Volcanic effects on climate: revisiting the mechanisms H.-F. Graf1, Q. Li2, and M. A. Giorgetta2 1Centre for Atmospheric Science, University of Cambridge, UK 2Max-Planck-Institute for Meteorology, Hamburg, Germany
Abstract. The characteristics of planetary wave energy propagation are being compared
based on NCEP reanalysis data from 1958 to 2002 between boreal winters after
strong volcanic eruptions, non-volcanic winters and episodes of strong polar
vortex lasting at least 30 days. It shows that in the volcanically disturbed
winters much more planetary wave energy is produced in the troposphere,
passes through the lowermost stratosphere and enters the upper stratosphere
than in any other times. This is contradicting earlier interpretations and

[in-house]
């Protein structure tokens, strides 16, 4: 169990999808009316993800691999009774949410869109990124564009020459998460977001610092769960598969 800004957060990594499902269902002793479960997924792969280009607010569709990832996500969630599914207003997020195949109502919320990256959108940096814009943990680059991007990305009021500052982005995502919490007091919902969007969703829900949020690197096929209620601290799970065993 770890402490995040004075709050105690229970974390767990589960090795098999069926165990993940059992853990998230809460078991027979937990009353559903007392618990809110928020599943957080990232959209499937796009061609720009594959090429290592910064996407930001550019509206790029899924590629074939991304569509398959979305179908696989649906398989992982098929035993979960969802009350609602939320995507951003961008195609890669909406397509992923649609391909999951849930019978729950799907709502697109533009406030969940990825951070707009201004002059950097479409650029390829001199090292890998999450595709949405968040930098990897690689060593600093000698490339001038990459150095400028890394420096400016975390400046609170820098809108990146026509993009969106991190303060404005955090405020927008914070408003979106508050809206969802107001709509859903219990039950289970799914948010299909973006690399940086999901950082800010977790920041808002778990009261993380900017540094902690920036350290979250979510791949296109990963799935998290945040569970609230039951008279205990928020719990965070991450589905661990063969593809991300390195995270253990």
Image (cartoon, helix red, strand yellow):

model simulations. Possibly the observed El Ninos coinciding with the three
significant eruptions in the second half of the 20th century
contributed to the planetary wave energy. In order to produce the observed
robust climate anomaly patterns in the lower troposphere, these planetary
waves are suggested to be reflected near the stratopause instead of
breaking. While a strong polar vortex is observed after volcanic eruptions
in the stratosphere and in the troposphere, specific episodes of strong
polar vortex regime exhibit much stronger anomalies and different dynamics.
Hence it is suggested that the climate effects of volcanic eruptions are not
being explained by the excitation of inherent zonal mean variability modes
such as Strong Polar Vortex or Northern Annular Mode, but rather is another
mode that possibly reflects upon the North Atlantic Oscillation.
Citation: Graf, H.-F., Li, Q., and Giorgetta, M. A.: Volcanic effects on climate: revisiting the mechanisms, Atmos. Chem. Phys., 7, 4503-4511, doi:10.5194/acp-7-4503-2007, 2007.